Why The Korean War Has Been "Forgotten"
This past Saturday marked the 60th anniversary of the signing of the Korean War armistice that ended the hostilities between North and South Korea. Lasting from 1950-1953, the war that was catalyzed by conflicting negotiations over the reunification of post-World War II divisions resulted in over 2.8 million casualties, separated tens of thousands of families, and left both Koreas in shambles.
Despite these tragedies, the war is often referred to as "the Forgotten War" since the majority of the world quickly lost interest in the fighting soon after it began, mostly due to the fact that the war was unable to produce any positive political outcomes.
Even in Korea today, it's easy to see why the war is often considered forgotten. For one, education concerning the war in Korea has been altered over time, due to various political factors as well as propaganda initiatives of past governments. Even more so than inconsistent education, a competitive social structure has caused younger generations to be more focused on the future and less on the past.
Finally, it's nearly impossible to find any obvious traces of the war in South Korea outside of museums, historical landmarks, and, well, border cities. Against all odds, the country rose from the ashes of war in just a few short decades and has become one of the world's most influential nations, powered by innovation; futuristic high-rises, bullet trains, talking toilets, 4D movie theaters, and the world's fastest internet are only a few icons of modern-day Korea. The war is forever out of sight. Will it stay out of mind, too?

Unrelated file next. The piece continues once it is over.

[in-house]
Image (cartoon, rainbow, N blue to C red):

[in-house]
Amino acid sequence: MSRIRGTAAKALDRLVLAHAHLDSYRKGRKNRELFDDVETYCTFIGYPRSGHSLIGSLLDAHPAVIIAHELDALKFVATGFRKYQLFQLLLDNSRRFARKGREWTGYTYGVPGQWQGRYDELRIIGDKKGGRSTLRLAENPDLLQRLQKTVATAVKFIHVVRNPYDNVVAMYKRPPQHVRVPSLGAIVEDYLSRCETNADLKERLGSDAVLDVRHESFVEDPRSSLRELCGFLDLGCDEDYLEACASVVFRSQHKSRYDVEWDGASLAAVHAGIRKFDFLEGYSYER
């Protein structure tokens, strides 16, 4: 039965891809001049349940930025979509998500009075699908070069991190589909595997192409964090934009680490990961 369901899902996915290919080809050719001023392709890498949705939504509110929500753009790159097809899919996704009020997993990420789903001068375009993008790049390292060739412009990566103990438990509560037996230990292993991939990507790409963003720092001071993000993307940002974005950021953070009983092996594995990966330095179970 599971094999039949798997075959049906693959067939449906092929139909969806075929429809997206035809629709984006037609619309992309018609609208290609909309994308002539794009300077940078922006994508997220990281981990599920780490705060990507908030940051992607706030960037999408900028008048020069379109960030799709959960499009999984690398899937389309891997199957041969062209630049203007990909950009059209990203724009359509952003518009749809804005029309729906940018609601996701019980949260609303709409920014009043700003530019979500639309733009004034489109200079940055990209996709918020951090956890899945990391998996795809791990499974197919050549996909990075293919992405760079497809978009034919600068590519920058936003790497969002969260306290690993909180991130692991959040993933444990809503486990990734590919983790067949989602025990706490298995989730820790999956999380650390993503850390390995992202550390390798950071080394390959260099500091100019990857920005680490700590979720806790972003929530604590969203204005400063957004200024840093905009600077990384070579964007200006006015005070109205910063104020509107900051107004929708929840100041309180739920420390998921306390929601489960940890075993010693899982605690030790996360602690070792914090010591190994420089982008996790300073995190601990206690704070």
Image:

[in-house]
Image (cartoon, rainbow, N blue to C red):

Edgar Saunders, a cousin of mine, is a Louisiana native and a veteran of the Korean War. He was stationed in Haeundae, Busan, a coastal region in the southern part of the country during the war. While he was stationed there, he took some incredible photographs that he recently posted on Facebook. He has graciously allowed me to share them with you so that you can see just how much has changed since the cease-fire was signed in 1953.
For the full effect, check out what Haeundae looks like 60 years later...
[Photo: Chundam Learning]
Read: 10 Things You Might not Know About the Korea War, by DB Grady
Watch: Tae Guk Gi: The Brotherhood of War (2004), directed by Kang Je-gyu
Visit: The Korea War Memorial of Korea
Words by Mimsie Ladner of Seoul Searching. Photos of "old Haeundae" by Edgar Saunders for Seoul Searching. Content and photos may not be republished unless authorized.